The Napa Valley Register from Napa, California on March 4, 1965 · 1
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The Napa Valley Register from Napa, California · 1

Napa, California
Issue Date:
Thursday, March 4, 1965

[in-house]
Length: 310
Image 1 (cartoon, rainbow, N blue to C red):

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: I' WEATHER - Complete Details Page 2 ' 102ND YEAR No. 173 nd W NAPA JOURNAL Serving Napa County For More Than A Century NAPA, CALIFORNIA, THURSDAY, MARCH 4, 1965 If you have "not received your Register by 5 p.m. call 226-3711 (until 6 p.m.). From St. Helena and Calistoga exchanges call direct to Napa on Enterprise I - 3 9 4 8, toll free. PRICE Ten cents per copy 1.75 month moiisfrator mean Safety Rules Outlined For Clean-up Day 1 See Photos Page 9 Safety will be the keynote Of the massive county-wide Clean-up Week effort to be staged Saturday. . Some 800 volunteers will Canvass all vacant lots, streets and county roads throughout Napa County this weekend as part of the anti-litter drive. . Spokesmen for the Napa Optimist Club, the group which is assisting in the overall organization, reported each group of youths will have an adult supervisor to insure that safety rules are followed. No volunteers will be utilized along state highways because of high-speed traffic dangers. Division of Highways clean-up crews will handle those roads. ; Needed Equipment (All volunteers are asked to bring with them Saturday a bag lunch, to wear hard soled shoes and long trousers and gloves. Rural road pickup crews will be equipped with caution signs to warn motorists and no youngsters will be permitted to ride in the back of trucks gathering litter. Tomorrow The Napa Register will publish details of the organizational plan for the Napa area, listing all volunteers and the locations to which they are asked to report at 9 a.m. Saturday. Volunteers Needed There is still time for individuals and organizations to volunteer manpower and equipment for the anti-litter campaign. ; Local clean-up organizations can be contacted by calling one of these telephone numbers: Napa 226-4398 or 226-9092; St. Helena, WQ 3-4905; Calistoga, 942-4566; Napa Junction, 643-9781. Any volunteers who do not receive a specific assigned area, as listed tomorrow in The Register, can receive assignments by appearing at the Memorial Stadium parking area at 9 a.m. Saturday. 17 Persons Killed By Gas NATCHITOCHES, La. UP) A natural gas pipeline exploded in a residential area near here early today. Seventeen persons, including nine children, were killed. . Authorities said two or three other children were unaccounted for. At least nine persons were taken to a hospital, but their injuries! were not believed serious? The blast, occurring 150 yards behind a row of frame houses, created a crater 15 feet deep, 75 feet long and 30 feet wide. Among the killed were Mr. and Mrs. J. R. Rond and seven of their relatives; and the Rev. and Mrs. Jack Van Meter, his mother, and their three children. Flames from escaping gas soared upward 400 feet or more before Tennessee Gas Transmission Co. workmen managed to stop the flow. Charles Cunningham, publisher of the weekly Natchitoches Enterprise lives in the vicinity of the explosion. He said the blast looked like a bolt of lightning. Then there was a rumble like thunder, he said. I thought perhaps it was thunder or a sonic boom. Then I went to the window and saw the flames. Bomb Threat Empties HS A bomb threat for 1:30 p.m. today at Napa High School was a complete fizzle but the harassment disrupted classes and a big segment of the community. v It. was the second day this week a sick mind conceived a Fisherman Found Safe A San Francisco fisherman became stranded on an island in lower Napa River last night after the outboard motor on a small boat failed. Jack Basinger, 25, was located unhurt shortly after 11 p.m. on Coon Island. He said the motor failed at about 3 p.m. and the boat began drifting. Basinger spotted a cabin on Coon Island and rowed to it. Harold Cragie led a three-man search party, equipped with powerful searchlights, which located the missing man. Basinger left Normans Resort in the Cuttings Wharf area at about 8 a.m. and was due back at 3 p.m. When he had not returned by dark, a search party was organized. fiendish threat to school children. Tuesday a similar scare at St. Helena Foothills Union School proved to be a hoax. The time at which the threatened bomb would explode was the same. ' The switchboard operator at the high school received the call today at noon, apparently from the same quiet, mature male voice, which said a bomb had been set in the building and would go off at 1:30. She immediately alerted Principal Kenneth Casanega, who called police and evacuated the buildings with the fire alarm system. Approximately 2,000 students left the school in an orderly manner and were dismissed until 1:40 with instructions to remain a safe distance from the buildings. All available police officers converged on the area within minutes and started a methodical ' search of . all possible places where a bomb might be hidden. Off-duty officers were called in. Three fire trucks and nine firemen, Chief John Stone and Fire Marshal Osmer (Hap) Gourley raced to the . high (Continued on Page 4, Col. 3) Supervisor Jack Ferguson confers with Thomas Bartlett, whose painting of Soda Springs was chosen fts one of the purchase awards for Napa County from the annual juried art show, Preview 65. The exhibit opened with a reception last night and will be open through Sunday at 1035 Main SL Already shown in Benicia and Vallejo, the show moves next week to Vacaville. Sponsors are art groups of Napa and Solano counties, and included are top artists from the Bay Area and valley cities. (Register Photo by Robert E. McKenzie) The explosion occurred about 6 a.m. r State police estimated damage from the blast and accompanying fireball at over a million dollars. Five houses were leveled, with furnishing scattered over 15 to 20 acres. Six cars and three trucks were destroyed. A nearby sawmill was damaged. Rescue workers, moving into the area after the flow of gas was stopped, found the body of Mrs. William E. Ammons, about 25, in a ditch across the highway and about .60 feet from her house. Her baby daughters body was lying in the road about 50 feet from the house. Her husband and three other children escaped with minor bums. Nine persons were killed in another house. Six of these bodies were found in the wreckage and three others had been hurled outside by the force of the explosion. Police Chief Boyd Burr said he knew exactly what had happened when he saw the flames described as brighter than the sun by another resident. The same line blew up in the spring of 1954, with no casu-ties. Johnson, Rusk Ask Embassy Protection WASHINGTON OP) President Johnson conferred with Secretary of State Dean Rusk today on the latest mob attack on the U.S. Embassy in Moscow and reiterated the statement he made after an earlier assault on that diplomatic post. It amounted to a demand for protection. Press secretary George E Reedy, obviously acting on Johnsons authority, reminded reporters that a Feb. 10 White House statement had said the United States would insist that its embassy be given the protection which is required by international law and custom and which is necessary for the conduct of diplomatic relations between states. Reedy, still reading from the earlier statement, said "expressions of regret and compensation are no substitute for adequate protection. Asked whether the administration felt protection in the latest case was adequate, or at least more adequate than before, Reedy said. We are receiving full information from the embassy. He said the State Department might have something further to say after studying that information. Student Mob Turns On Russian Police MOSCOW CP) Anti-American demonstrators attacked the U. S. Embassy with rocks and ink bottles today and drove back police with sticks and slingshots before being dispersed by Soviet soldiers. More than 2,000 students from Moscow and Lumumba universities were allowed by police to smash windows and smear the embassy walls with red and blue ink for about 10 minutes. But when mounted police began to push the mob back it turned in fury. Protection Sought Extraordinary police security precautions, taken after U. S. Ambassador Foy D. Kohler demanded protection for the embassy on hearing a demonstration was brewing, failed to halt the shouting students. Several policemen were beaten by groups of demonstrators armed with sticks and other weapons. At least eight students, including two Russians, one African and some Red Chinese and Communist North Vietnamese, were taken into custody. Windows were smashed in the 10-stQQUKBb9ssy as high as the seventh floor by stones and slingshot missiles. Multicolored ink stains were spattered all over the facade. The damage appeared to newsmen to be more extensive than a similar attack Feb! 9, like this one a demonstration against U. S. air raids on North Viet Nam. About 300 unarmed soldiers from the Moscow garrison moved into the mob after the students had loosed a barrage of sticks, rocks, snowballs and slingshot missiles that left one policeman with a bloody nose. Mounted police had used billy clubs and whips to try to drive the crowd from the sidewalk in front of the embassy but were shoved back. Then the soldiers took over. Troops Appear The disorder was quelled shortly after the appearance of tough - looking infantrymen dressed in heavy overcoats, fur hats and simply formed solid ranks that slowly shoved the students back from the embassy. The determined show of force quickly dampened the spirits of the rioters, who had angrily fought the policemen and hurled epithets of Fascist at them. Most of the students quickly drew back and the bulk of the crowd began walking off about 10 minutes after the soldiers appeared. Most of the students were Red Chinese and Vietnamese. They marched to the embassy behind a student shouting slog-behind a student shouting slogans through a portable loud i 0! i i v vVIVt Mounted Moscow police come under attack as 2,000 students from - Moscow and Lumumba Universities hit U.S. embassy building with rocks and ink bottles today. Police were showered with snow as mob became infuriated by attempts to push rioters away from building. Demonstration was protest against U.S. air attacks in Viet Nam. (AP Wlrephoto by, cable from Moscow) Viet Nam Takes Heavy SAIGON, South Viet Nam OP) The Vienamese armed forces suffered their heaviest casualties yet against the Viet Cong during February, U.S. military officials reported today. , , The report said 870 men were killed, 1,820 wounded and 1,450 missing. Many of the missing .was presumed to have deserted. The total of 4,140 compared with the previous high of 4,050 in December 1964. The roll of American combat dead for February totaled 43, also above the monthly average. Most of these men were killed in the Viet Cong attacks on American installations at Plei-ku and Qui Nhon, which prompted retaliatory air strikes at North Viet Nam. Eight were killed at Pleiku Feb. 7 and 23 in the bombing of a U.S. enlisted mens billet to Qui Nhon Feb. 10. U.S. officials estimated the Viet Cong suffered 2,065 casualties, a figure equalled in official reports only twice before in March and December 1964. The American report also listed a new high in loss of government weapons 2,590 while the Viet Cong, lost 655 weapons in combat. The Communists lost more than 3,500 weapons - captured after the sinking of a munitions ship on the central Vietnamese coast. The ship is believed to have carried the weapons directly from North Viet Nam. This cache was not counted in the report because the weapons were never in combat. U. S. forces continued their search today for an American pilot missing since his jet fighter-bomber was shot down during the raid on Quang Khe. The pilot, 1st Lt. Hayden J. Lockhart, of Springfield, Ohio, PEOPLE MAKING NEWS How About Homework? Dr. Arthur C. Hollister, head of the state division of alcoholic rehabilitation, believes youngsters should be taught how to drink in school. Its the only realistic approach to living with alcohol, Hollister said in an interview in connection with an address to the annual meeting of the Pasadena Council on alcoholism. He said the scope and contents of such an educational program should be determined by the proper parties and declined to speculate on details. Even with the program, he said, much re search still would be needed on ways to change attitudes and behavior. He said the formal school system was the most practical place to learn to drink. Radomiro Tomic, Chiles new ambassador to the United States, arrived in Washington with his wife and six of their nine children. The ambassador laughed when someone in the welcoming crowd at he airport commented that the arrival looked somewhat like a Chilean invasion. It might have looked more so, he said with a smile, if all of us had come today, but some of the children remained in Chile. ' The Florida state insurance department notified Peggy Jo Bodway in Jacksonville yesterday. it was suspending her drivers license privileges because of her carelessness in driving her fathers car through through a garage door. What the department doesnt know is that Peggy Jo is three years i old was flying an F100 assigned Tuesday to knocking out Communist antiaircraft batteries prior to bomb runs by Vietnamese Skyraiders. Lockhart was seen, bailing out over a wooded area and was presumed to have reached the ground safely. He has not been heard from since and is the only American casualty that has been reported from the raid. American helicopters and amphibious planes rescued four other American pilots and one Vietnamese who were shot down during the raids Tuesday on the Quang Khe naval base and Xom Bang munitions depot. ; ' : ; Lockharts father, Hayden J. Lockhart Sr. of Springfield, said the Air Force had informed .him search -parties had found his sons parachute and helmet Lockharts wife is in Alexandria, La. . ; A terrorist bomb exploded in Saigon last night in front of an electrical shop and bar, killing three Vietnamese and injuring seven persons, including two Americans in the bar. .The Americans, cut by flying glass, were treated and released. It was the first such bombing in Saon in several months. COURTROOM TENSE NEW YORK OP) Detectives with their hands on concealed revolvers watched over a crowded courtroom today during arraignment of the third man charged with slaying Malcolm X. Thomas 15X Johnson, 30, described by police as a strong-arm man for the Black Muslims, Negro . supremacy sect, was arrested yesterday. ' Taking extra precautions during the minute or two of his appearance, four other detectives stood behind him, facing the mostly Negro crowd of spectators. Judge Reuben Levy ordered Johnson held without baiL The defendants police record listed seven previous arrests, mostly for grand larceny and narcot- Napan Found Innocent Of Sex Charges A Napa Superior Court jury deliberated for seven hours yesterday before returning an innocent verdict for Claude Ray Jr., who was charged with criminal sex offenses against a 13-year-old girl. , The two-day trial ended at about 11:30 p.m. yesterday with the reading of the verdict. Ray, 34, 1615 Lincoln Ave., was ordered released from custody by Judge William Blanc-kenburg.-The girl, who was the key witness for DisL Atty. James (Continued on Page 4, Col. 4) ics possession, but also including a rifle, assault on a Black Muslim defector-.: ' Johnson is the second Black Muslim to be1 accused in the assassination of Malcolm X, 39, the black nationalist leader who bolted from ' the . Black Muslims last year arid formed his own sect. t Johnson had been iridicted last month for first-degree assault in the wounding last Jan. 6 of Benjamin Brown, a Black Muslim defector. Also charged in that case was Norman 3X Butler, 26, described by police as a Black Muslim enforcer and the second man accused in the slaying of Malcolm X. Police believe five men in all took part in the attack on Malcolm X as he started to speak to 400 persons at a ballroom rally on Feb. 21. He was felled by 13 shots from a shotgun and two pistols. ' ' f The first man charged, Tal-madge Hayer, 22, of Paterson; N.J., was shot in the leg by a bodyguard of Malcolm X. He has refused to say whether he had any Black Muslim connections. V ' - ; 1 ' . m, ; , Today's Index Comics 18 ' Editorials 4 Features ...... ..... .....16 Landers column ....... .16 Markets : . 4 Obituaries 4 Pearson column 6 Radio-Television ...16 School news 17 Sports .14-15 ; ' Women 1 - 8 1 Movies .......16